In times of political transition, gender equality often balance between gaining ground or losing even earlier achievements. The will of the incoming government, the language of the new constitution and effective measures to make family responsibilities easier to handle, shows the 2013 report from the Human Rights Council’s Working Group on the issue of discrimination against women in law and in practice.
The Working Group (WG) was established in 2010, and is dedicated to ”identify, promote and exchange views, in consultation with States and other actors, on good practices related to the elimination of laws that discriminate against women”.
In the beginning of the summer it presented its first thematic report which had a focus on political transition. According to this report, although there has been much progress since the UN Convention on the Elimination of All Forms of Discrimination against Women (CEDAW) entered into force in 1981, there are still huge gaps to fill before women are able to participate in political and public life on equal terms with men.
In fact, as recently as last year the United Nation’s General Assembly was so concerned by the marginalization of women, that it once again dedicated a resolution (66/130) to promote women’s political participation. And in Europe, where many countries pride themselves of being far ahead with women’s rights, the European Parliament’s Committee on Women’s Rights and Gender Equality, stated its alarm over the underrepresentation of women in the EU’s legislative council and leadership positions, as well as the stagnation of women’s representation at one third or less in parliaments across the region.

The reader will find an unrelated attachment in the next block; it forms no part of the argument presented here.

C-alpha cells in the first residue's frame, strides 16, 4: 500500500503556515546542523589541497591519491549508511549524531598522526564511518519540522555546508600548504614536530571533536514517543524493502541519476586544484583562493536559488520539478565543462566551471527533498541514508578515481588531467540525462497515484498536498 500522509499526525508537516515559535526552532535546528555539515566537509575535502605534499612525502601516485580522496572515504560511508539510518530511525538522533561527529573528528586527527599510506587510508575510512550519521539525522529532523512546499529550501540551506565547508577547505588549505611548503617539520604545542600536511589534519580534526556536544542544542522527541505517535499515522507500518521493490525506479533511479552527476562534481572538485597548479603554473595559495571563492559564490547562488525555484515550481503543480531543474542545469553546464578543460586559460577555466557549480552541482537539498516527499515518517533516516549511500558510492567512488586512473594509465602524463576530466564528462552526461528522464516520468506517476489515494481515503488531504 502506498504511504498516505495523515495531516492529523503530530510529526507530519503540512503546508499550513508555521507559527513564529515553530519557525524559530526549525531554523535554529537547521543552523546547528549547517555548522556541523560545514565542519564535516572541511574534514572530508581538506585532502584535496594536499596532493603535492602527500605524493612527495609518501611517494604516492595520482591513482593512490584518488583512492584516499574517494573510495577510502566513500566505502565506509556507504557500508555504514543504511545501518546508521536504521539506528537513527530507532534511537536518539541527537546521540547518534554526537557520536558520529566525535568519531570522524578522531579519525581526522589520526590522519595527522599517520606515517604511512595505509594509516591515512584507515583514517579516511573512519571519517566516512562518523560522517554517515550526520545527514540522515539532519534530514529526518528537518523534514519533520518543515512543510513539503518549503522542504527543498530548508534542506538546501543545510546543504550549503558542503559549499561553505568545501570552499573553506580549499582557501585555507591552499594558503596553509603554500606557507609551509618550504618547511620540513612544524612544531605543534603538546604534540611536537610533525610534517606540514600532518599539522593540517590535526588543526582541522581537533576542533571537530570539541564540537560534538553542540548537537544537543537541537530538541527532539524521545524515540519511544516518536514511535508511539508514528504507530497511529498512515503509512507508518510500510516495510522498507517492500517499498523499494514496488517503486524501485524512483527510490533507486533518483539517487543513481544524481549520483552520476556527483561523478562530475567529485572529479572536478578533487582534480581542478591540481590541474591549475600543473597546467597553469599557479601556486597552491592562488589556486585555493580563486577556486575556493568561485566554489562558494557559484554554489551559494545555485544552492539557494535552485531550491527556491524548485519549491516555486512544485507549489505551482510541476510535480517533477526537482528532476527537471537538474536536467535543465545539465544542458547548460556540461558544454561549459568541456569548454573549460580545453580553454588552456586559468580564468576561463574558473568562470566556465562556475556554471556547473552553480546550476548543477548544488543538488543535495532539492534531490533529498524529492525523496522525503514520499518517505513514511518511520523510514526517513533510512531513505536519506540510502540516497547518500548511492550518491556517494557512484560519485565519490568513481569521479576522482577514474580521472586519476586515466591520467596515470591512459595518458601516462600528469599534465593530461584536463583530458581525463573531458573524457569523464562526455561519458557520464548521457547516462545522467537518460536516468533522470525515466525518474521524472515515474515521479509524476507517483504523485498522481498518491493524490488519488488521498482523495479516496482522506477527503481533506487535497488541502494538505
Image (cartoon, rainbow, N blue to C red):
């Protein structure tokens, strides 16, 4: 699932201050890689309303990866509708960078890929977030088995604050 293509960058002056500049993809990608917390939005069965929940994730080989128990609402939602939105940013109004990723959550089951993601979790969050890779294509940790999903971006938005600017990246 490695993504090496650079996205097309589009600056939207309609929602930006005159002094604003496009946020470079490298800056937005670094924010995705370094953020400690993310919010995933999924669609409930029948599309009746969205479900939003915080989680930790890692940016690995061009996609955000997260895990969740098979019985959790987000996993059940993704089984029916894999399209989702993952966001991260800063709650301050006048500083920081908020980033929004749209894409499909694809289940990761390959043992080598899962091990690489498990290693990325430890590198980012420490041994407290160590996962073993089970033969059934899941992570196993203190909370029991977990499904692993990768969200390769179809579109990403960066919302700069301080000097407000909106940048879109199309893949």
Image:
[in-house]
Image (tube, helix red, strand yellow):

Gains and losses
When it comes to gender equality and political transition, experience has varied greatly between countries. In Eastern Europe during the 1990s, as well as in some of the political tranistions taking place recently in the Middle East and North Africa, key gains for gender equality and/or numerical representation of women was reduced. In contrast, the introduction of quotas within political transition in some countries in sub-Saharan Africa, led to some of the highest percentages of women members of parliament.